DCSIMG

Monarchs back from brink to Spring surprise on Tigers

  • by DAVID KINVIG
 

From the depths of despair at Ashfield last weekend, Edinburgh Monarchs rose like a phoenix from the ashes to snatch the Spring Trophy back from arch rivals Glasgow Tigers in a nail-biting second leg clash at Armadale last night.

Chasing a deficit of 14 points from that disappointing first-leg tie, Monarchs, despite a sluggish first half display, took the match by the scruff of the neck in the second period and swamped the Tigers 56-36 to clinch the silverware 94-88 on aggregate.

Despite producing just three race winners over the first eight heats, Monarchs didn’t allow themselves to panic as the whole team upped their game perhaps sensing that Glasgow’s top three couldn’t prolong their early dominance.

Monarchs led 29-19 going into the second half and the turning point of the whole meeting occured in heat nine when Tigers’ fiery Australian Josh Grajczonek and Monarchs skipper Matthew Wethers tangled going into the second bend, the latter sliding into the safety fence.

Grajczonek was ahead of Wethers on the outside and some people were surprised that he got excluded from the re-run. Said Grajczonek, who was out on a tactical ride, “I was a bit surprised to be excluded because I felt I had the racing line.

“A few people said they thought Matthew picked up some grip and hit me, but I was excluded, and it’s too late to change anything now, it was the referee’s decision.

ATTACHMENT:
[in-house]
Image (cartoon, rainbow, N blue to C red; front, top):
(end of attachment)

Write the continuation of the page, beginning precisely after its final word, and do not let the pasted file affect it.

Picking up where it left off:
“The rule usually is if you are in front then you hold the line, but it’s not something I’m going to get upset about, but it did change the complexion of the match.”

Grajczonek added: “It came down to a last heat decider and had I scored something in the race I was disqualified from, we might have held on, but fair play to Monarchs, they deserved their victory on the night.

“We perhaps relied too heavily on our top three, but it’s something we have no choice about until our two new Australian lads get going. I remember coming to Armadale for the first time about five years ago, it was very intimidating, hopefully it won’t take Jayden (O’Malley) and Mason (Campton) as long to master the place!” Monarchs really got into gear over the latter part of the meeting and a 5-1 from Theo Pijper and Charles Wright, who both rode exceptionally well, against Robert Keiezak in the 12th race put the Capital outfit on the road to glory.

James Grieves came to grief in that heat falling off after hitting a ridge, but that misfortune was cancelled out when Monarchs ace Andrew Tully slithered off on the third bend in the next race while dicing with Grajczonek and Tigers captain Joe Screen, who was handed his first defeat of the evening by a resurgent Craig Cook in heat 11. Cook was Monarchs’ top scorer with 14 points, his five-ride maximum thwarted when he finished second behind Grieves in the seventh race.

But Cook was delighted with his display: “I felt pretty good and it was also great for the whole team to come back from 14 points down to lift the trophy. Everybody chipped in with something and that was the key to our victory.”

Wethers, who picked up seven points from his four rides, commented: “I had a pretty sore head after coming down against Josh and I probably should have scored more points, but I felt a lot more comfortable this week and hopefully better scores will follow.”

Tully, who recorded one race win said: “It was a good win for the whole squad and hopefully this is the first of many trophies we’ll pick up this season, I wasn’t that happy with my own score and hopefully my points will get better.”

Glasgow will be disappointed at failing to defend their lead but it’s clear that their reliance on their main scoring trio could be hard to sustain over a season.

 

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